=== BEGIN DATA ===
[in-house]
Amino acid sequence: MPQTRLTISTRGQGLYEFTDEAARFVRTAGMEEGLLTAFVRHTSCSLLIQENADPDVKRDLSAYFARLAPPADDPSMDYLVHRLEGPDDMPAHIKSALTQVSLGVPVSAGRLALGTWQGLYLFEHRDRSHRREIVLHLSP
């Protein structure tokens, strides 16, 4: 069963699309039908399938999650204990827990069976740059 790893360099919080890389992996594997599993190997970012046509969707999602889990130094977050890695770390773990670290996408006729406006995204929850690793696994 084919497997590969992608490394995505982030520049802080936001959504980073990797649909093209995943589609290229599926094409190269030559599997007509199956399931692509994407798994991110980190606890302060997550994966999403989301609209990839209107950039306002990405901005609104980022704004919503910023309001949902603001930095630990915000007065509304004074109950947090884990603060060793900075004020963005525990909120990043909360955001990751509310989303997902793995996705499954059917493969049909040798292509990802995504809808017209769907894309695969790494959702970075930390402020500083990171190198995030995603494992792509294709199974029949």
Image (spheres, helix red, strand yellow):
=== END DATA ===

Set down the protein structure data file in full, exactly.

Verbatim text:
[in-house]
Amino acid sequence: MPQTRLTISTRGQGLYEFTDEAARFVRTAGMEEGLLTAFVRHTSCSLLIQENADPDVKRDLSAYFARLAPPADDPSMDYLVHRLEGPDDMPAHIKSALTQVSLGVPVSAGRLALGTWQGLYLFEHRDRSHRREIVLHLSP
């Protein structure tokens, strides 16, 4: 069963699309039908399938999650204990827990069976740059 790893360099919080890389992996594997599993190997970012046509969707999602889990130094977050890695770390773990670290996408006729406006995204929850690793696994 084919497997590969992608490394995505982030520049802080936001959504980073990797649909093209995943589609290229599926094409190269030559599997007509199956399931692509994407798994991110980190606890302060997550994966999403989301609209990839209107950039306002990405901005609104980022704004919503910023309001949902603001930095630990915000007065509304004074109950947090884990603060060793900075004020963005525990909120990043909360955001990751509310989303997902793995996705499954059917493969049909040798292509990802995504809808017209769907894309695969790494959702970075930390402020500083990171190198995030995603494992792509294709199974029949």
Image (spheres, helix red, strand yellow):